In the last installment of my four-part series of some of the myths by Sen. Marco Rubio (R-Florida) about the Gang of Eight immigration bill, I take a look at how the Gang of Eight amnesty bill claims to protect American workers.
This bill protects American workers from unwarranted immigration for jobs that Americans are willing and able to do. For example, the proposal would not allow any work visas to be issued if the unemployment rate in a certain area is above 8.5 percent, which is the norm in many cities.
The Truth about Rubio Amnesty
- There are no jobs that Americans won’t do because there are no jobs that Americans aren’t already doing. Americans are reluctant to take certain jobs because wages for these jobs have remained stagnant for the last forty years while conditions for workers have worsened. Even so, 30 percent of farm laborers are U.S. citizens. According to a Center for Immigration Studies analysis, out of 472 occupations listed by the Census Bureau, native-born workers are the majority of workers in 466 of these occupations.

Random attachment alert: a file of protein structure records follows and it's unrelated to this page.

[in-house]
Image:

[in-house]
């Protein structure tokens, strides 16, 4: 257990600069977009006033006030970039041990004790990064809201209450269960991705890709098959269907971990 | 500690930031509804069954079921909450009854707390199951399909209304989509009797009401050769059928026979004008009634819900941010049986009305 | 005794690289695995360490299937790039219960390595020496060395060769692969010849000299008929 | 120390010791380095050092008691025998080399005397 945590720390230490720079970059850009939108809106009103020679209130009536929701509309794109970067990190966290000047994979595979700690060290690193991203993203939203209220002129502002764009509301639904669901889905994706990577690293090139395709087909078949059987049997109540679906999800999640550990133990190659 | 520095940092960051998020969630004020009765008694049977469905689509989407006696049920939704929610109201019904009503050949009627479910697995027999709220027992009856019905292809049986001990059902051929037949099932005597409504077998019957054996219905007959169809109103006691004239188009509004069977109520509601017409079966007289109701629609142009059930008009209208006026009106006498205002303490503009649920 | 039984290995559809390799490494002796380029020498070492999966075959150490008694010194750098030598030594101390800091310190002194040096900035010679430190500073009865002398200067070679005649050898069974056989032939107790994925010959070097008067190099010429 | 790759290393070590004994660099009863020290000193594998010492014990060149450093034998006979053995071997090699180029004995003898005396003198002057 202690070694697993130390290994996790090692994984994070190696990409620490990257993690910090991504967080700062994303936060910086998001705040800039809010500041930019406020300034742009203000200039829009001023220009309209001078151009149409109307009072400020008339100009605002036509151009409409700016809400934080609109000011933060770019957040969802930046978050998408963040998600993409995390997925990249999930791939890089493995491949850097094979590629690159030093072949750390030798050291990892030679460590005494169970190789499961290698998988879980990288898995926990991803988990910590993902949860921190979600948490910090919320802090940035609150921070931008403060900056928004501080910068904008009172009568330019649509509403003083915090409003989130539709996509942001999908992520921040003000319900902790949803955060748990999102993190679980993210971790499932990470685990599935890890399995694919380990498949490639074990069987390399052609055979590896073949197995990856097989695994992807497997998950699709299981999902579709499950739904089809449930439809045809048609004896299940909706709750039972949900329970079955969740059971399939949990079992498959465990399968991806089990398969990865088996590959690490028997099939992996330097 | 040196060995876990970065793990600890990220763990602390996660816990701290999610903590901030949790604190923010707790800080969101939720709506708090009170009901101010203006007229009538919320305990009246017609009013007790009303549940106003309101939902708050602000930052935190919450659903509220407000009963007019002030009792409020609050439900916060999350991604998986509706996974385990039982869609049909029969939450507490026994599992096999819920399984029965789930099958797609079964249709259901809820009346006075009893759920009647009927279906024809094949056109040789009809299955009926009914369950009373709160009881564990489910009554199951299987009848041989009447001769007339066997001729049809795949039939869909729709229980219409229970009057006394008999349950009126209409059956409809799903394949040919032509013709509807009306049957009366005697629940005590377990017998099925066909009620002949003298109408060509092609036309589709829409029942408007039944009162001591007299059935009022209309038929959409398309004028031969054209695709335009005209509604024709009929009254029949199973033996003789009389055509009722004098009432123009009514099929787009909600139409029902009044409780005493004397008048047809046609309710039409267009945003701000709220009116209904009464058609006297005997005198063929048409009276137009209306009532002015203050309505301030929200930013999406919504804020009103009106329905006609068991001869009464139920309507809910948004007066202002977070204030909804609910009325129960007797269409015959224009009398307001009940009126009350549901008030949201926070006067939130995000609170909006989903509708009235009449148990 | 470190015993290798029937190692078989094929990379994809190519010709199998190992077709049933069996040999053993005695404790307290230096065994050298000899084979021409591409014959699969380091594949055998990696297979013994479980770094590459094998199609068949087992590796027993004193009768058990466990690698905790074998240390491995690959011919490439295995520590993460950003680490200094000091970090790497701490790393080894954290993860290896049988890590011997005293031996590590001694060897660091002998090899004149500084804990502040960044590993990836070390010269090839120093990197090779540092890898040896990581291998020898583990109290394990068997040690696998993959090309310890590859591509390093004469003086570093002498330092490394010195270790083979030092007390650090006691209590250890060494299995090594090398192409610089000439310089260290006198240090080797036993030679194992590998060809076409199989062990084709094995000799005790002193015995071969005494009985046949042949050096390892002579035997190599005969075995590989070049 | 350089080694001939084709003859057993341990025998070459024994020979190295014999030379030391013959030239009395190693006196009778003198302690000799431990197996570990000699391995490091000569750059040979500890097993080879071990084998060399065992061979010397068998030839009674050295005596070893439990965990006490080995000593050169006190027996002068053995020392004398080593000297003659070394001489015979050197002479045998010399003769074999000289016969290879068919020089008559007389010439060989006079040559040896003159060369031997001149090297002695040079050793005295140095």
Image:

- 8.5 percent unemployment is extraordinarily high. Since January 1948, the unemployment rate in the U.S. has averaged 5.8 percent.
- What Sen. Rubio means is that the quota for guest workers will increase unless unemployment goes higher than 8.5 percent. With the passage of his bill, hundreds of thousands more guest workers will immediately begin to flood the labor market.
- The unemployment rate for construction workers in March 2013 was 14.7 percent. It has been above 8.5 percent for 61 out of the last 64 months. The unemployment rate for agricultural workers in March 2013 was 13.5 percent. How does Sen. Rubio explain the supposed worker shortage in these sectors? He simply relies on talking points supplied to him by industry and open borders lobbyists.